Flaherty wanted a product that could produce the same image quality as 16mm film, but that was lighter and easier to use than existing models. CBS was eager to participate in the development of the product and hoped that Sony would collaborate in achieving the goal.
At the time, shooting news reports with a film camera offered far greater mobility than with a video system, which required a huge van equipped with a studio camera and VTR. However, real-time broadcasting is what makes news, and 16mm cameras are no match for video in this respect. Eliminating the need to develop film or to convert the image into television signals drastically reduces time and costs. "The ideal system would incorporate the advantages of both 16mm cameras and video." In reality, CBS had years earlier combined the industrial-use U-matic system with an industrial-use hand-held video camera to achieve both the mobility of 16mm cameras and the real-time image processing capabilities of video. Thanks to the revolutionary U-matic video system, CBS was able to deliver images from President Nixon's visit to Moscow in 1974 faster than its competitors. However, as the U-matic had originally been developed as a home-use system, many specifications still needed to be improved to make it suitable for broadcast-use, hence, the visit by Flaherty.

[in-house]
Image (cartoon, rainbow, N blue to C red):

Morizono, then director of the Video Division, had no intention of entering the broadcast market. Impressed by Flaherty's persistence, however, Morizono agreed to take on the project. He called Masayuki Takano and other engineers into his office and, in the presence of Flaherty, said, "I have decided to cooperate with Flaherty of CBS to make a broadcast-use U-matic system. I want you to develop a product in one year." Takano and his colleagues were stunned by this announcement.
The usual time allotted for product development at Sony was two years. Compounding this was that the U-matic was not even designed as a broadcast-use system. A decision had been made, and the engineers set to work, mumbling to themselves about the seemingly erratic decision. Despite the tight schedule, the team members were motivated because there was a clear target to work toward and the customer's demands were precise. The task was laid out for them: to develop a system that offered greater cost and convenience advantages than conventional film systems. Thinking about the competition was unnecessary. The main problems were meeting the deadline and the target price. The project literally became a nonstop operation. Over the next 12 months, CBS engineers visited the Atsugi plant frequently. CBS engineers were uncompromising in their drive to build the ideal product.